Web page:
Innovations of the month: V-Cult and SmartPixels

v-cult and smartpixels

Innovations of the month: V-Cult and SmartPixels

Innovations of the month: V-Cult and SmartPixels 2000 1111 Altavia

Each month, Altavia Coach brings you a selection of innovative solutions in the retail sector. Here we take a closer look at two of them: V-Cult and SmartPixels.

V-Cult takes brand storytelling to the next level. Founded in 2009 by Tom Gauthier, the Lille-based start-up has become a 3D and virtual reality expert. The idea? Use video games as a basis to offer exciting, interactive and immersive experiences around brand experience. The goal is to enhance brand storytelling, boost companies’ sales performance and address specific business line issues.

Its B-to-B services were launched a year and a half ago.


Unique technology. The immersive experiences created by V-Cult can be accessed natively from any web browser thanks to its one-of-a-kind technology. The start-up developed its own graphics engine that runs online, so there’s no need to download smartphone apps or computer software. Users simply open an Internet browser and access immersive 3D content which can also be viewed using a virtual reality headset.


Vertical markets. To date, V-Cult has moved into four vertical markets: retail (Décathlon, Etam, Boulanger, Tape à l’œil, etc.); professional training (Moët Hennessy Group – LVMH, Bonduelle, etc.); real estate development (Nacarat, which is part of the Rabot Dutilleul construction group); and industry.


The next stages are to develop the industrial vertical market for maintenance projects and factory management, continue expanding the company internationally, launching its first B-to-B product to enable clients to develop their content themselves, and launch a second product for retail merchandising.


SmartPixels and projection augmented reality. SmartPixels, which was formed in May 2015 by Jérémy Verdo (HEC, Polytechnique) and Julien Berta (telecommunications), turns objects into screens and transposes digital uses and interactivity to the physical world onto the product itself.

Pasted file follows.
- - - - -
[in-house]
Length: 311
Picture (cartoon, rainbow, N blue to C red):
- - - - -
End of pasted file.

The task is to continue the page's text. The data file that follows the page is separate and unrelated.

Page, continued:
This approach has various objectives:
  • First, allow brands to successfully get their messages across by attracting people’s attention – an object that ‘comes to life’ on its own is much more impressive than a mere screen, to which we’ve all grown accustomed!
  • Adapt to increasingly smaller store sizes and be able to show a whole collection on just one object using projection augmented reality.
  • Give brands the means to show customers what a product might look like once personalised – and simply inform them that it is, in fact, possible to personalise items.


One of SmartPixels’ customers is MoëtHenessy, which was the first to put its trust in the start-up and embark on a large-scale project (deployment in Tokyo, Las Vegas and Paris). Other customers include Nike (experimental phase on the Champs Elysées and at Les Halles in Paris) and Berluti (pilot experience in its store on Rue du Faubourg St Honoré), as well as Christian Dior, The Kooples, Swatch, Chloé and more.


The start-up will soon set out to conquer the Asian and American markets.


Business intelligence. SmartPixels also gives its clients the possibility to use its platform to manage its content for easy updating. Meanwhile, SmartPixels uses this site to collect useful data on consumer behaviour.


Support brands in digitising points of sale. Rather than positioning itself within the events sector, SmartPixels wants to offer a more sustainable service. The idea is not to install a shop window for just six months, but rather to have machines robust enough to stay in place for several years, evolving alongside collections and product launches. The ultimate goal is to assist brands in digitising points of sale.